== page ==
To wrap up the day, I attended my last concurrent session with Bill Boorman. If you do not know Bill, take some time to get to know him and what he is about. It is amazing the wealth of knowledge and experience he has to share. Bill provided me with some great conversation into the global space of recruiting, talent, HR, and branding.

All of this was just in day one of the #LASHRM12 conference. I am super stoked to see what day two brings. Now I know this isn’t your typical first blog post of a conference, as I just left you with some teasers of information, but that is the way I wanted it because over the next week I will be giving a break down of all the great information gathered. You just have to stay tuned!

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Meet the #LASHRM12 Master of Ceremonies – Dwane Lay

It’s conference week – that magical time of year when HR professionals from across the great state of Louisiana descend, en masse, upon one venue to learn, network and share ideas and information. 

With hundreds and hundreds of HR professionals, hundreds of vendors and sponsors, and 28 speakers coming from all across the world (literally – the world!), the 2012 conference promises to live up to the hype.

We’re thrilled to have Dwane Lay, MBA, SSBB, SPHR, newly appointed head of HR Process Design with Dovetail Software, on deck as this year’s Master of Ceremonies. Dwane is recognized as a leading authority on the application of Lean tools and techniques in Human Resources, and has a wealth of experience in applying business technology to improve HR processes. Lay is the author of LeanHRBlog and is a well-known presence on the HR social media landscape.  In his role as Master of Ceremonies, Dwane will help keep the conference on track during the General Session (herding cats?  Anyone?  Bueller?).  But his role won’t stop there for he’s also leading a session on Friday called “Lean HR:  Systematic Improvements in your Process.”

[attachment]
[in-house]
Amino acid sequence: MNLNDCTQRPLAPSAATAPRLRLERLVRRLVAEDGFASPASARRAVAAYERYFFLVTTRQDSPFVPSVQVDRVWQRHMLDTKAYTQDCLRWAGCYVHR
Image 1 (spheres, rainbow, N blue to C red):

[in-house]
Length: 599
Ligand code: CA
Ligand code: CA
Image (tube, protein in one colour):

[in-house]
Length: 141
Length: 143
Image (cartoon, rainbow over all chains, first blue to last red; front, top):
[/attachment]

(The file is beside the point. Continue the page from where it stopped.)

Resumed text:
So come and join us – it’s not too late to register!  You can say “hi” to Dwane and collect one of his coveted Meet MeMe cards.

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Getting HS Students on the HR Bandwagon

This guest post is courtesy of Nikolas (‘Nik’) Verret, student at Nicholls State University.  The Society for Human Resource Management (SHRM) has acknowledged that NSU’s Bachelor of Science degree with a major in Management and a concentration in Human Resources fully aligns with SHRM’s HR Curriculum Guidebook and Templates.


With so many options to consider in high school, many students find it difficult to narrow down a specific career path for the future. Some may have a general idea; some may have a specific job in mind, while others may be clueless. It’s absolutely essential to research careers of interest to formulate a general plan for post high school endeavors. It also doesn’t hurt to talk to someone who was once in those shoes to discuss this state of uncertainty and experiences along the way. That’s why I decided to sit down one-on-one with a few students from my former high school and do some mentoring.

     I met with five South Lafourche High School students to discuss the benefits of a career in human resources. To start off the discussion, I asked each of the students what job/ career they were considering upon graduating high school. Three of them stated they planned on going to college and majoring in business or biology. The other two stated that they will seek a job following high school. I then asked if anyone had considered a career in human resources. I got a negative response along questions about what the human resource field is about and that’s when the discussion commenced.